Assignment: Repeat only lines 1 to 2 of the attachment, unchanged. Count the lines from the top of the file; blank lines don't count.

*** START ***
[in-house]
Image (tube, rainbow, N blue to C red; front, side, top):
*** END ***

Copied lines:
[in-house]
Image (tube, rainbow, N blue to C red; front, side, top):